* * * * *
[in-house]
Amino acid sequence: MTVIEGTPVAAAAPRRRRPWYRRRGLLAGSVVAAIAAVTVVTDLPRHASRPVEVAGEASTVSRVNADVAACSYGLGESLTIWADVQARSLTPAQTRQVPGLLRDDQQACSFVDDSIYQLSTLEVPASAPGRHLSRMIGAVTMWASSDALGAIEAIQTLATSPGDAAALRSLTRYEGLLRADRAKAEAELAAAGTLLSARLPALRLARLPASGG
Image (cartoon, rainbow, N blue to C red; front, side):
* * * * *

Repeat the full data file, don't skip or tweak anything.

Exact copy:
[in-house]
Amino acid sequence: MTVIEGTPVAAAAPRRRRPWYRRRGLLAGSVVAAIAAVTVVTDLPRHASRPVEVAGEASTVSRVNADVAACSYGLGESLTIWADVQARSLTPAQTRQVPGLLRDDQQACSFVDDSIYQLSTLEVPASAPGRHLSRMIGAVTMWASSDALGAIEAIQTLATSPGDAAALRSLTRYEGLLRADRAKAEAELAAAGTLLSARLPALRLARLPASGG
Image (cartoon, rainbow, N blue to C red; front, side):